Will your dog benefit from elbow surgery? - Dr. Marty Becker

Will your dog benefit from elbow surgery?

Friday, Apr 24th, 2015 | By Dr. Marty Becker

Yellow labrador retriever is waiting at home.

Whether your dog has a genetic condition, arthritis, or an injury, there may be a time your veterinarian recommends elbow surgery. Is that the right choice for your dog? One reader asked me about her dog’s arthritic, injured elbow:

Q: My Lab was chasing a tennis ball and jumped up to get it. When he landed, he cried out and appeared to be in a lot of pain. The vet says his elbow is really arthritic. What can be done for him? — via Facebook

A: The elbow is a complex joint, and the canine elbow gets quite a workout because a dog’s front legs bear about 60 percent of his body weight. A number of dog breeds, including Labs, can develop elbow dysplasia, an assortment of conditions that can occur when the elbow joint is deformed or doesn’t mature properly. Whatever type of elbow dysplasia a dog has, the eventual result is painful and often crippling osteoarthritis. Common signs include limping, tiring quickly from play or reluctance to play.

Depending on the condition that’s diagnosed, your dog has a couple of options. He may benefit from arthroscopic surgery if he has osteochondritis dissecans (OCD) or fragmented medial coronoid process (FMCP). It’s minimally invasive and involves removing a broken fragment of bone or damaged cartilage. It can improve the condition for a time, but may not be a permanent fix.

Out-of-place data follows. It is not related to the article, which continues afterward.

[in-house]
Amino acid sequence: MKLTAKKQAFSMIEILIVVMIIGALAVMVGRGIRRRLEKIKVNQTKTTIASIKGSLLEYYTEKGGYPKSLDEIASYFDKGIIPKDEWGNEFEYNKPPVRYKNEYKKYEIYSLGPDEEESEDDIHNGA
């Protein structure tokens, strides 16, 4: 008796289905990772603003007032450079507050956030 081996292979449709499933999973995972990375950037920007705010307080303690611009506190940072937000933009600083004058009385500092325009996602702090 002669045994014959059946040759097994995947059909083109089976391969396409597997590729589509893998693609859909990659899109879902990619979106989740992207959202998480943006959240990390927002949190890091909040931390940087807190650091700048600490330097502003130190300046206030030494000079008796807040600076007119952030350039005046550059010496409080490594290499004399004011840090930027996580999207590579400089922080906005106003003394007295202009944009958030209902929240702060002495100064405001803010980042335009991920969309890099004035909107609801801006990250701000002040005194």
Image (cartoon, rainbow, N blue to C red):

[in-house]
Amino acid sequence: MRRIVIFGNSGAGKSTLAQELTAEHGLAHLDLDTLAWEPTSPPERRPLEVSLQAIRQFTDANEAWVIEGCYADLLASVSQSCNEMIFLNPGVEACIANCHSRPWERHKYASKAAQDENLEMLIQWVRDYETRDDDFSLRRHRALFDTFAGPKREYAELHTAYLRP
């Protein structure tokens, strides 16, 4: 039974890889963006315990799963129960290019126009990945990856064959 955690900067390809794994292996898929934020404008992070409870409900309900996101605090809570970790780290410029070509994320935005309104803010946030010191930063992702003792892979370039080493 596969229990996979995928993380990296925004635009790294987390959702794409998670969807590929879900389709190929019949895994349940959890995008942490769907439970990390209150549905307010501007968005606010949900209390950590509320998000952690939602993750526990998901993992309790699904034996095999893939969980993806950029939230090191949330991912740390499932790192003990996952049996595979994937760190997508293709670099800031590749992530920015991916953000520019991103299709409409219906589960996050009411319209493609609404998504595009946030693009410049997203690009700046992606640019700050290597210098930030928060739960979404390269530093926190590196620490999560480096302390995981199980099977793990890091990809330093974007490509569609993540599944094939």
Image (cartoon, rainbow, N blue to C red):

A new technique is elbow replacement surgery. The surgery takes two to three hours to complete, and it requires careful attention to detail. A slick new mechanical joint replaces the damaged one. Afterward, the dog may spend five days in the hospital before going home, and require five to six months for complete recovery. The cost is approximately $6,000.

If your dog is not a candidate for surgery, medical management techniques may help reduce pain. They include weight loss, limiting activity, providing pain relief with nonsteroidal anti-inflammatory drugs (NSAIDs) and giving nutraceuticals such as glucosamine and chondroitin to protect and build up cartilage. Your dog may also benefit from rehab, such as workouts on an underwater treadmill.

Read more, including how to handle urban coyotes, in this week’s Pet Connection!